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You’re involved in an accident. Maybe you hit another car, a bicyclist, or a pedestrian. You panic and flee the scene. What are the consequences? Will you be arrested? Fined? Put in jail? Minnesota’s hit-and-run law spells out the potential consequences for leaving the scene of an accident. 

Driver Obligations Under Minnesota’s Collision (Hit-and-Run) Law

Minnesota’s traffic statutes set forth what drivers of a motor vehicle must do when involved in a collision. First, drivers in Minnesota must immediately stop their vehicle at the scene of the collision and investigate what they hit.

Drivers should try not to obstruct other traffic following an accident. If it is necessary to stop a short distance from the collision, that is acceptable.

Second, if the driver believes they may have injured someone or caused damage, the driver must stay at the scene of the accident. The driver may leave the scene only after they have shared their information with all individuals involved in the collision.The driver must provide his or her:

  • Name,
  • Date of birth, and
  • Mailing address or e-mail address.

The driver also must provide the license plate number of the vehicle being driven.

If asked by a police officer, the driver must show their driver license. In addition, if requested, the driver must provide the name and address of the insurance company and agent that provides liability insurance for the vehicle. If the driver does not provide insurance information at the accident scene, the driver must provide it within 72 hours after the accident.

Finally, when a collision causes injuries or death to another person, the driver must notify the police and file an accident report.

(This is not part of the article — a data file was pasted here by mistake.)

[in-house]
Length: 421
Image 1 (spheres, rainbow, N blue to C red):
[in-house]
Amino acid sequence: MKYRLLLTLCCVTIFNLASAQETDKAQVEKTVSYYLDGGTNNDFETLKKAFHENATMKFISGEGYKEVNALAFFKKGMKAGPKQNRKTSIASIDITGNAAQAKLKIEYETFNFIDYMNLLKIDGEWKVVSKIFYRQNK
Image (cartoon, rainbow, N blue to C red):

Minnesota Hit-and-Run Law Involving Property Damage or Unattended Vehicles

Drivers who are involved in an accident with an unattended vehicle or one that causes property damage are similarly required to stop their vehicles. They too must reasonably investigate any damage they caused. In these circumstances, the driver must try to locate and notify the owner of the unattended vehicle or damaged property.

The driver then must provide his or her name and address to the owner and report the collision to law enforcement. If the owner cannot be found, the driver must leave a note on the car providing this information.

Minnesota Hit-and-Run Penalties

If you leave the scene of a vehicle accident, you could face significant criminal charges. The extent of the penalties for a hit and run in Minnesota depend largely on the severity of the injuries and property damage caused.

For a misdemeanor hit and run, you may face a fine of up to $1,000 and up to 90 days in prison. For cases involving severe injuries or death, you could face fines of up to $5,000 and up to three years in jail. In many hit-and-run cases, the state may revoke your driver’s license. 

Contact Our Criminal Defense Lawyers in Minnesota

If you have been involved in a Minnesota hit-and-run accident, you need an experienced criminal defense lawyer to obtain the best possible outcome of your case.

Contact us today for a free hit-and-run consultation. We are committed to providing each client with personal attention while understanding that every hit-and-run case can be unique.

We will listen to the facts of your case and pursue options designed to meet the needs of you and your family. 

Author Photo

John T. Arechigo, Esq.

Attorney John Arechigo has a passion for criminal defense in St. Paul, MN. John received his J.D., from Hamline University School of Law and also carries a Bachelor of Arts from, The University of Minnesota. John was named Attorney of the Year for 2019 by Minnesota Lawyer. Additionally, John was also named as a 2019 Rising Star and was selected to Minnesota Super Lawyers in 2021. He devotes nearly 100% of his practice to defending individuals charged with a crime.

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